When you bought an RV, you thought you were buying a lifestyle. You’d travel, wear cashmere and boat shoes, and call everyone younger than you “Skip.”
Joking aside, there is a certain wanderlust that attracts a lot of different people to traveling in RVs. On top of all the other benefits that come from RV ownership, you’re also entitled to a few tax breaks.
Not many of RV owners know that they can claim these breaks on their taxes, and it ends up costing them perhaps thousands each year. Today, we’ll take a look at some of the most common tax deductions for RV owners, when you should use them, and most importantly, how.
If you want to read the code for yourself, you can see the most up-to-date information about mortgage interest deductions straight from the IRS.
It’s a Second Home
If you bought your RV using a loan from your bank or credit union, you’ve been paying interest on that loan since day one. While no one likes paying interest, it actually benefits you in this situation because of a provision in the tax code that does so.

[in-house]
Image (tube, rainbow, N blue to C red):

If you’re a homeowner, you’re aware that you can deduct interest paid on a mortgage. This saves thousands of dollars a year by itself.
Now, if you own more than one home, you can deduct that interest paid as well. And guess what? An RV counts as a second home. Of course, there are a few contingencies in place to make sure that this tax break isn’t abused. You need to have permanent sleeping, eating, and bathroom facilities in place to claim your RV as a legitimate second home deduction. Unless you took all of those features out of your RV when you bought it, you’re fine.
With the rise in remote workforces across corporate America, more and more people are learning about various opportunities to write off everyday expenses on their taxes. If you’re self-employed, things only get better.
For a remote worker, for example, you can write off things like your laptop, cell phone, internet, and other services or goods that are vital to your doing your job. Whether or not you can write off travel is dependent on the situation, so you’ll want to talk to a tax expert on that.
If you’re self-employed, though, and spend time working in or traveling in your RV to generate income, then every RV-related expense is something you can write off. Gas, food, regular maintenance, RV pad fees – you name it, and you can write it off as an RV tax deduction.
The point of all these tax breaks isn’t to give people who can afford an RV special treatment. Rather, they exist to help everyone in similar situations. The same breaks RV owners benefit from may help others in different circumstances.
If you want to learn more about how to write these expenses off on your taxes, or financing an RV, feel free to get in touch with us today.